Members of 80’s rock band The Police issued a press release Thursday addressing growing calls in the United States and Britain to “Defund The Police.”
“There seems to be a lot of chatter in the media these days about defunding or even abolishing The Police. So far, we’ve remained silent as a growing number of activists, public officials, journalists and even fellow entertainers have called for the dissolution of our band. While we’re totally clueless to understand what we’ve done to deserve their scorn, we’re committed to making whatever changes are necessary to win back the public trust.
“Additionally, we’ve been a little dismayed that in this era of social distancing our 1980 hit, “Don’t Stand So Close To Me,” has not enjoyed a greater resurgence in popularity. Our management has contacted the CDC and NIH on multiple occasions, offering our song to be used in public service announcements. Thus far, no response has been forthcoming.
“In these difficult times, we’re making a good faith effort to do our part for the greater good. However, not buying our music benefits no one. Imagine a world without “Roxanne,” “Message in a Bottle,” or “Every Breath You Take.” Is that the kind of world you want to live in? We think not. Without these timeless classics to bind us together, our world would almost certainly descend into chaos and anarchy.
“So, unless your wish is to replace civil society with some joyless, dystopian hellscape where the music of The Police has been permanently abolished, and “De Do Do Do De Da Da Da” become merely the words of sputtering idiots, instead of the inspired lyrics of an immensely talented reggae rock trio, please consider funding The Police by purchasing some of our music. Civilization may depend on it.”
Expected to go into work every day because some higher up got it in their head to classify him as an essential worker, Herb Bumstead’s route through his office building to his desk each morning is like navigating a social distancing minefield. The hallway to his office is not wide enough to permit six feet of clearance between himself and an approaching coworker. Herb compensates for the close quarters by darting from doorway to doorway, letting others pass, and only proceeding when the coast is clear. Dodging a lingering vapor cloud can be a bit tricky, but like a nimble cat burglar, Herb holds his breath and spider crawls or cart wheels from recess to doorway to alcove until the threat has passed. Should a group of workers from another office enter the hall and converge on Herb, he temporarily aborts the mission by ducking into a restroom or maintenance closet.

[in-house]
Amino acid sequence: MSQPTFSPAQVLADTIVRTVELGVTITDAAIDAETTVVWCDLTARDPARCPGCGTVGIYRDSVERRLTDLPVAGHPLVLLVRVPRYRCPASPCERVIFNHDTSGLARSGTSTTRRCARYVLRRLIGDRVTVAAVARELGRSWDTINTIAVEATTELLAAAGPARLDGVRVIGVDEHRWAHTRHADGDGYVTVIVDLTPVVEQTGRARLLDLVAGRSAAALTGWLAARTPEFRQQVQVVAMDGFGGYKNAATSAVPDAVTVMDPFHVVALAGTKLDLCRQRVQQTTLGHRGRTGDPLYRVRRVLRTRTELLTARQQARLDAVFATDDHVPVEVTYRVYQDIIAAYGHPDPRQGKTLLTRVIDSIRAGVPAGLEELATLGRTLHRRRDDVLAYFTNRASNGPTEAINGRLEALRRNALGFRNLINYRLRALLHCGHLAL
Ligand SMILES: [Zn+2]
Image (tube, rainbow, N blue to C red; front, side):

Social-distancing is a great idea in theory, but the reality of physical space conspires to herd us together. For Herb, a cramped stairwell is the worst. Encountering a single-file group of four engaged in a lively conversation while descending the stairway could potentially expose Herb to the lingering vapor cloud of their chatter for nearly an entire flight of stairs. Efforts to hold his breath for an entire flight have caused Herb, in a number of instances, to pass out before reaching the upper landing. On occasion, Herb will turn tail, bound back down the steps to the bottom and wait for the group to exit the stairwell. But often this scenario quickly devolves into a Buster Keaton-esque routine where multiple attempts to reach the top of the stairs are turned back by yet another group, sending Herb careening back down to the bottom again.
For Herb, corners and doorways represent a thoroughly confusing ordeal, requiring not a small amount of telepathic communication. Approaching a doorway, Herb sometimes senses a presence approaching from the opposite direction, prompting him to halt a safe distance from the door in order that the presence might pass without violating the six foot rule. The only problem is the presence is often standing six feet clear of the other side of the door waiting for Herb to do the same. Says Herb, “It seems our extra-sensory abilities only extend so far. We can detect conscious beings in our vicinity, but we’ve not yet acquired the ability to communicate our intentions.” Unless, of course, we just shout, “Coming through!”